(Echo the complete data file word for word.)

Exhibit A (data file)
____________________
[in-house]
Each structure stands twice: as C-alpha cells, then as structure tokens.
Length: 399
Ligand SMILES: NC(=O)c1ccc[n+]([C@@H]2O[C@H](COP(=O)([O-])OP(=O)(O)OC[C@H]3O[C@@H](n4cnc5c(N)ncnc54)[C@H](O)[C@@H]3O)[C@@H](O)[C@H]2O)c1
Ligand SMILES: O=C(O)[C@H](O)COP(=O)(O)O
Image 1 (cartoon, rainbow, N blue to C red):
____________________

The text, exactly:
[in-house]
Each structure stands twice: as C-alpha cells, then as structure tokens.
Length: 399
Ligand SMILES: NC(=O)c1ccc[n+]([C@@H]2O[C@H](COP(=O)([O-])OP(=O)(O)OC[C@H]3O[C@@H](n4cnc5c(N)ncnc54)[C@H](O)[C@@H]3O)[C@@H](O)[C@H]2O)c1
Ligand SMILES: O=C(O)[C@H](O)COP(=O)(O)O
Image 1 (cartoon, rainbow, N blue to C red):